Stephanie Fast's She is Mine is a compelling, unforgettable memoir of a Korean war-orphan.
Her father, whom she never met, was an American soldier. He returned to the U.S. unaware that he was going to be a father. Her mother, ashamed and embarrassed, returned to her family. Initially beloved of her mother, the author was shunned by the rest of the family and shunned by the community in which she spent her early years. Eventually, her mother gave into the family pressure and abandoned her. The author was--at the age of four--put on a train and sent away. Told that "an uncle" would welcome her at the end of the line, the truth was she would never see her family again, never find her way back "home."
She had the clothes on her back, and, a day's worth of food. But how can a four-year-old survive on her own? But survive she did. The book chronicles the years--three or four years, I believe--she spent surviving, leading an uncertain, always desperate existence. Sometimes wandering in the country, in the fields; sometimes wandering into villages and cities. Usually her encounters with other people were negative. It went beyond her early-years experience of name-calling and "shunning." She was beaten. She was tortured. She was left to die. And yet. There were a few people who treated her kindly, with grace, who emphatically declared you must survive.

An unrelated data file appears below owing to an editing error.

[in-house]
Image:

The memoir goes to really dark, really ugly places. I won't lie. Some of what she endured is horrifying and the fact that she was able to survive is a miracle.
She is Mine is ABOUT adoption, about the need for adoption, about how life-changing and amazing adoption can be. It's about adoption-as-redemption and redemption-as-adoption.
For anyone who enjoys nonfiction, this one is a must read.
© 2016 Becky Laney of Becky's Book Reviews